Cecile Janssens, professor of epidemiology at Emory University who has been studying genetic prediction for over a decade, told me that she was skeptical of how much meaning Hsu assigns to the output of these algorithms, especially an algorithm could predict your unborn child’s intelligence. “Prediction is extremely difficult, and probabilities are hard to interpret,” she explained. “Would you not choose an embryo because it’s risk of getting breast cancer was increased from 8% to 14% or its risk of diabetes was 18% instead of 11%? Would you even know what that all means?”
At this stage, polygenic risk scores are most useful in assessing statistical outliers — those cases where an embryo is far more likely to develop a certain disease than other embryos — but expects significant improvement as more genomic data is collected. “For some diseases, we only have between 10,000 to 100,000 cases, but if we start to build larger and larger databases, that could cause a significant material advance in the quality of the predictor,” he explained.
Polygenic risk analysis includes a panel for cognitive ability
Which is more controversial is that Genomic Prediction’s polygenic risk analysis includes a panel for cognitive ability. According to Catherine Bliss, a professor of sociology at the University of California San Francisco and the author of two books on genomics, predicting for cognitive ability turns on the presupposition that intelligence is a highly heritable trait, which is, to say the least, a historically fraught and controversial claim.
As decades of research has shown, the science of cognitive heredity is always in flux, mostly due to the complex way intelligence interacts with our social environments, including education. Coming to a problem about an algorithm could predict your unborn child’s intelligence, “I don’t think predicting for cognitive capacity is a good idea until we have a better grasp on this gene-environment relationship,” Bliss told me.
Hsu has been embroiled in controversy concerning genetics and IQ before, due to his work for a Shenzen-based research institute, BGI, which allegedly mapped the genome of unusually intelligent people so as to try and separate an intelligence gene. But he told me that at this stage, the company’s polygenic test for intelligence will only indicate which embryo is a genetic outlier in terms of cognitive impairment, which correlates to an IQ 25 points below average. “If you’re a parent going through IVF and five embryos are fine, but one of them has scored in the bottom percentile for a cognitive score, I think that you deserve the option of knowing this,” he said.
Wealthy people may soon be able to design their children better genes?
When it comes to the social implications of this technology, Hsu is more concerned about accessibility and how these technologies will exacerbate class inequality. In addition to being able to give their child a private education and “even buy their way into Stanford,” Hsu says, wealthy people may soon be able to design their children better genes. While Hsu worries that a kind of genetic caste system looms on the near horizon, he hopes that predictive technology might also be used for socially progressive ends, or what he calls a “redistribution of genetic endowments.”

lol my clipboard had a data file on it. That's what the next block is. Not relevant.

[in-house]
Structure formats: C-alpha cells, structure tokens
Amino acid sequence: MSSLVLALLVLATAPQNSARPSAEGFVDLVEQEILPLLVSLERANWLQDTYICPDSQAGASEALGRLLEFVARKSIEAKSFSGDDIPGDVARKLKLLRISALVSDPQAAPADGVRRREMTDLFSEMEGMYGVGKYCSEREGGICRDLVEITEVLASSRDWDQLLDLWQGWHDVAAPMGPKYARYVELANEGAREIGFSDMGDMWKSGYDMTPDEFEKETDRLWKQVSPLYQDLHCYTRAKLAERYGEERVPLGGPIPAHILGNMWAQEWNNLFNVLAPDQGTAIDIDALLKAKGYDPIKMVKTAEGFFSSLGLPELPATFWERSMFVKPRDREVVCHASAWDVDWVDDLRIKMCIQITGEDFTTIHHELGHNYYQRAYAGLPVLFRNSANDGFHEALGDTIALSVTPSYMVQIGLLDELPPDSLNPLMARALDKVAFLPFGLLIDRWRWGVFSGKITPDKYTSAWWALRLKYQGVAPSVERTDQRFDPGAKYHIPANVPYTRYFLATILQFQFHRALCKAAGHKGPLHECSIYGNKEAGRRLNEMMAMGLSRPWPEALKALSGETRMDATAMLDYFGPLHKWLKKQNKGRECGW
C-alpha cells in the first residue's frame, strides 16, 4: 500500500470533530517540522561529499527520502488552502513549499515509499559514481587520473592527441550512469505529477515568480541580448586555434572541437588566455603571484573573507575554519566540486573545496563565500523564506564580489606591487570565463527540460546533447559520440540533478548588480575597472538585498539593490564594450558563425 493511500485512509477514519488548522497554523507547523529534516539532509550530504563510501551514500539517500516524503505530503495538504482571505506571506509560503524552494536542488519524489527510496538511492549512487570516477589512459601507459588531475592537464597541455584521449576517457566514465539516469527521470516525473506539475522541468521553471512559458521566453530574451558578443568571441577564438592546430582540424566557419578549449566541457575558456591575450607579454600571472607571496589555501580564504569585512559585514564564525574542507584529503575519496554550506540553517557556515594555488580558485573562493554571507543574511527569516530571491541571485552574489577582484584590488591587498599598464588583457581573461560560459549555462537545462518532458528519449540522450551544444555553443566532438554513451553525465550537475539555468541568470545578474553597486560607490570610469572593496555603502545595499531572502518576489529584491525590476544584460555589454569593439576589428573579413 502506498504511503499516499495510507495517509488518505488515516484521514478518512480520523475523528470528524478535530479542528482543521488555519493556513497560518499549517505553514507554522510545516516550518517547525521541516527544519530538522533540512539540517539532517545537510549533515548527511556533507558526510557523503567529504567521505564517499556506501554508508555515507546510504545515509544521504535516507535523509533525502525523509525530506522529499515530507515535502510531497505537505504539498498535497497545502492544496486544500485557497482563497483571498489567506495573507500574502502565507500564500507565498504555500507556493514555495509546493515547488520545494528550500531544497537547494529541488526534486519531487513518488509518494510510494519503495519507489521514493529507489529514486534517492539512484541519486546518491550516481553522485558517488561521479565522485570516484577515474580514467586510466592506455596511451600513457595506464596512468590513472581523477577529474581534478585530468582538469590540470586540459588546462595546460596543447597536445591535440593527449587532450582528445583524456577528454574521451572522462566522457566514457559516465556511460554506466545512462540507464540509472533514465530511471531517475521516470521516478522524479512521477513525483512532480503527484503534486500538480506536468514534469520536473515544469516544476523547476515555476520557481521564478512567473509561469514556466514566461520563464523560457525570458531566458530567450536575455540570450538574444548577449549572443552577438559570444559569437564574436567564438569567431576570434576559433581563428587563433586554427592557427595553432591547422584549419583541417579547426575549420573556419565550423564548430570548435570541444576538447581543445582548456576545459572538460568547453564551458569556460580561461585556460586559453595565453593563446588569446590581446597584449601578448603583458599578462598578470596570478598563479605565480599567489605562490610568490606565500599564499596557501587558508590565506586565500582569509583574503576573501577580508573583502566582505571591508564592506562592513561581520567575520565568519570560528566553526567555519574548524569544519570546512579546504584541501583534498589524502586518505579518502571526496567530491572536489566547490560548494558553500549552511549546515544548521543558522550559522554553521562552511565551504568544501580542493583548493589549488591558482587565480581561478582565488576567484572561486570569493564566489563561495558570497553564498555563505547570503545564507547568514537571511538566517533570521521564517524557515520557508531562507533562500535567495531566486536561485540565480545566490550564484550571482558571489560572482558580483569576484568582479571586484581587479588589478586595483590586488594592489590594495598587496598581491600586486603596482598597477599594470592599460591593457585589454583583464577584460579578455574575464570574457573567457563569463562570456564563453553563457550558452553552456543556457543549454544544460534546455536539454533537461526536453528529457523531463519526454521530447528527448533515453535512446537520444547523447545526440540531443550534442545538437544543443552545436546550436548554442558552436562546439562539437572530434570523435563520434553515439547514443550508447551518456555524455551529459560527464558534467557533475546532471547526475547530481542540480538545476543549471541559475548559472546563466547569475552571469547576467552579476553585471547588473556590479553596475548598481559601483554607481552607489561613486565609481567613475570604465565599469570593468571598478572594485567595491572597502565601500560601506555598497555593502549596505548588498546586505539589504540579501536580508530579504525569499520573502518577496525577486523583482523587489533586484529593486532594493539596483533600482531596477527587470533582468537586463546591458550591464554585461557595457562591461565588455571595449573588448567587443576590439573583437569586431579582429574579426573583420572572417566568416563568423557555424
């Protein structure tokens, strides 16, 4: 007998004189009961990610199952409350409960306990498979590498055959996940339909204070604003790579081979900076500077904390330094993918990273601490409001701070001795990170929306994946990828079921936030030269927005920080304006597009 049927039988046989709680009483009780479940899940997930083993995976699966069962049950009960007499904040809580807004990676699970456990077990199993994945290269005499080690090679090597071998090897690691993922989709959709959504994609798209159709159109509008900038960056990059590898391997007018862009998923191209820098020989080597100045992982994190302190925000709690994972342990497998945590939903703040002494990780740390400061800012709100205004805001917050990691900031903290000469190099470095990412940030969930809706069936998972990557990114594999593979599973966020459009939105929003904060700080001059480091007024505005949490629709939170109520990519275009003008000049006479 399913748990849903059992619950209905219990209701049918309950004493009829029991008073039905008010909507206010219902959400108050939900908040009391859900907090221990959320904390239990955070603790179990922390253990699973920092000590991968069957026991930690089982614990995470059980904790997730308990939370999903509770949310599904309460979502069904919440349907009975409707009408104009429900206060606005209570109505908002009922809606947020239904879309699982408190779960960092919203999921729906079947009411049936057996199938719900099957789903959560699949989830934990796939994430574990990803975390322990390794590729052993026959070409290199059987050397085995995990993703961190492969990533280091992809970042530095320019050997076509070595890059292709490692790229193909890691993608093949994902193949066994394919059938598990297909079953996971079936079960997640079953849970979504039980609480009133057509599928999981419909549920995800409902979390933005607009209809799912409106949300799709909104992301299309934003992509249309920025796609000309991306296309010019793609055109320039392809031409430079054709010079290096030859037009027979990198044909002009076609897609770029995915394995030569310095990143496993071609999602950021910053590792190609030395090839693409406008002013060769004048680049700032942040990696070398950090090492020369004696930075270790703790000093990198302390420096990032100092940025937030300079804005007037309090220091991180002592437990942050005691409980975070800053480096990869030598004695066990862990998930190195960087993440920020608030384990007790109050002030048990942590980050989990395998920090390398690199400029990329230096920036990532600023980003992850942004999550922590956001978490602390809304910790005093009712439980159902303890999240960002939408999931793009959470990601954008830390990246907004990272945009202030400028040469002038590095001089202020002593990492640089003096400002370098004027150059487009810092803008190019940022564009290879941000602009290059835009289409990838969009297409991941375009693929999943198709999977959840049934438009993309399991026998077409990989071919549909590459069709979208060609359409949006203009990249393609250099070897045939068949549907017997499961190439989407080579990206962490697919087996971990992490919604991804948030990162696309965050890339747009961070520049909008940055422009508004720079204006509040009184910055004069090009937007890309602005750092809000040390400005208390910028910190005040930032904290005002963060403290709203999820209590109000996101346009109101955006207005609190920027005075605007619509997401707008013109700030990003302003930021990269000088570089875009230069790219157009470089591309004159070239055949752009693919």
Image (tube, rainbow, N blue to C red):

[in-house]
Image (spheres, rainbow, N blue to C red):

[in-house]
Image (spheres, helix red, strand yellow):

“Maybe let people from disadvantaged groups select from 20 embryos, instead of seven,” he said, which presumably raise the possibility of getting a healthy embryo that scores high on cognitive ability. “If this was done over a long period of time, maybe it would eventually catch that group up.” Underpinning this vision is Hsu’s fundamental belief that genetics can be used to not only predict and select for traits in individuals, but to engineer positive social change. “If I tell a couple that they are carriers of a disease and that there is a one in four chance that their kid is going to die in a horrible way, and allow them to select the healthy embryo, is that eugenics? ” Hsu said. “But if I give them the option to make to make a choice, and don’t coerce them, I don’t think there’s ethically anything wrong with it.”
Effects is changing over time and based on different cultures
While few would argue that selection in some circumstances is beneficial — and though it has long been the practice for prospective parents to screen for severe genetic disorders like cystic fibrosis and muscular dystrophy — in the U.S., embryonic screening is largely unregulated and takes place in the private IVF sector. Legally there is nothing stopping Hsu from adding cosmetic traits like hair color, height, and skin tone to the polygenic screening. He could also innovate an algorithm could predict your unborn child’s intelligence to test for high IQ and heritable personality traits like a predisposition to violence.
But Hsu believes that attitudes around an algorithm could predict your unborn child’s intelligence will change over time, as they already have, and points out that they already vary between cultures. In South and East Asia, for instance, there is more cultural acceptance of the idea of selecting for embryos in order to enhance desirable characteristics like intelligence, rather than just avoid genetic diseases.